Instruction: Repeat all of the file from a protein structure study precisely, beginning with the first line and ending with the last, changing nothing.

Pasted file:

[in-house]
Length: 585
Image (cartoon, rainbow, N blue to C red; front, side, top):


[in-house]
Length: 585
Image (cartoon, rainbow, N blue to C red; front, side, top):